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  • Funder: European Commission Project Code: 262412
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  • Funder: European Commission Project Code: 658853
    Overall Budget: 158,122 EURFunder Contribution: 158,122 EUR

    High-fidelity flow simulation is one of the main goals to pursue in the research towards exascale computing. This capability will allow a cheaper exploration of aeronautical and automotive designs that fulfill energy consumption and noise emissions policies of the European agencies. In this project, the integration of three high-performance tools will be studied as a promising alternative to perform high-fidelity flow simulations. Specifically, a parallel curved unstructured mesh generator will be integrated with two different parallel high-order stabilized Galerkin solvers. We expect that the novel research on the development and combination of these high-performance tools will provide the physical, numerical, and geometrical accuracy required to perform high-fidelity flow simulations on complex domains defined by industrial computer-aided design models. Furthermore, the project is of major interest in high-performance computing since we expect to improve the scalability of implicit flow solvers by increasing the accuracy for a given computational cost, favoring computation to data transfer, and increasing the ratio of operations that scale linearly with the number of mesh elements. The combined tools will be deployed in a large cluster to obtain flow simulations of practical interest for the aeronautical and automotive industries.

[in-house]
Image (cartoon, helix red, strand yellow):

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  • Funder: European Commission Project Code: 708566
    Overall Budget: 170,122 EURFunder Contribution: 170,122 EUR

    High performance computing has changed the way scientists make discoveries and is driving industrial innovation. From the simulation of the origins of the universe, to the optimization of wind turbine placement; supercomputers are helping us to change the world and improve the conditions of future generations. The next generation of European extreme scale computers brings new opportunities but also imposes new challenge: they need to be an order of magnitude more energy efficient and they need to be reliable so that no data is lost in the presence of failures. Novel deep-memory hierarchies offer an alternative to achieve these resilience and efficiency goals. Unfortunately, it is unclear how the system should utilize these cutting-edge hardware devices. The objective of this project is to build an abstraction layer between the new hybrid memory hardware and the scientific application, providing an easy way to leverage the features of the hardware while maintaining high energy efficiency and strong reliability. Barcelona Supercomputing Centre is an ideal place to carry out this research because of its top-level researchers. In particular, the fellowship will be supervised by Dr. Osman Unsal, who has a long outstanding experience supervising European projects. The combination of such an important project with the high quality training of the host institution represents the best career opportunity for the candidate to expand and solidify his research experience.